It’s not easy to take time away from college, but you can incorporate travel into your life in many different ways. You can still stay local and get the sense of adventure that comes with traveling. Trying out a new bar, restaurant, or neighborhood in your area may feel like you’re traveling to a completely new place.

One weekend, my roommates and I took a road trip to Vermont to stay with my sister. It was a few hours to get there, and we had an awesome time the entire drive, singing along to our favorite songs and laughing about old memories. We spent the weekend shopping, cooking, and trying out local beers and ciders, and it will always be a special memory for all of us.


If you have the chance, you should take advantage of the ultimate travel opportunity—studying abroad. I was lucky enough to travel to Australia, spending four months living in Sydney and traveling throughout the country. Living in another country opens your eyes to new cultures and adventures, and the memories you make while abroad will stay with you forever.

Whether it’s traveling to another state for the weekend or across the world (literally) for a semester, I think traveling is extremely important for college students. You have to get out of the place you live sometimes in order to truly appreciate it.

Ok– if you had a weekend to travel anywhere (let’s be somewhat realistic here), where would you go? With who? Why? Let’s share ideas!


Paint Bar

Recently, different paint bars have been popping up all over Boston. The idea is that you pay a certain amount and get to take a painting class and drink at the same time. My roommates and I all purchased a Groupon for the Urban Art Bar and went this past week. The painting for the night was of Fenway Park. Our instructor led us step by step, and our paintings actually came out much better than expected! It was a great way for my roommates and me to come together and do a fun activity. It’s not often you get to do this kind of thing!

Watch a brief video of my friends and me at the Urban Art Bar Below:

If you could be instructed to paint anything, what would it be? I think mine would have to be something involving elephants…

Take A Drive

It’s not a common thing to have your car with you in Boston, but I am lucky enough to have a roommate that does. She is nice enough to let us use it for groceries and other errands, and sometimes we don’t even need an excuse to use it.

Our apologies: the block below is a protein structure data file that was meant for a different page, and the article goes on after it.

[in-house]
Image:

Something I’ve found that makes me happy this semester is just taking the car for a drive with no destination. Getting in the car, rolling down the windows, and blasting some music let’s me distract myself from whatever problems I’m facing back in my school life.

You should especially take a drive if your car is super cool and has three front seats, like my friend’s does:


Suggested car jams for your joy ride:

Anything by Ja Rule

Classic 90’s songs

The Beatles

Let It Go from Frozen





The inspiration from this post comes from my post about trying out yoga from a couple months ago. Yoga can be a work out or a time to relax, it depends what kind of classes you take. Today I want to talk about the calm, relaxing feeling that comes from yoga,-specifically, meditation as a practice.

Studies have shown that meditation is a productive way to get the body and mind to settle and relax. But many people find it daunting because the whole point of meditation is to let go and not think about anything, which is really difficult for some people.

My mind is constantly buzzing with to-do lists, so sitting down and simply not thinking is actually extremely difficult for me. So I’ve adapted my own meditation practice into something that works for me. I sit on my bed, burn some candles, play some relaxing music, and close my eyes, focusing on my breathing. When I find my mind straying somewhere else, I try to bring it back and just focus on breathing.

People wonder—why waste time doing this? I could be more productive doing homework, exercising, cleaning the house, etc. But it’s incredible what five or ten minutes of sitting down can do for you. After I meditate, I feel refreshed, awoken, and clear-headed. I worked on meditating at least every other day this week, and truly felt a difference in my mood—I absolutely felt happier.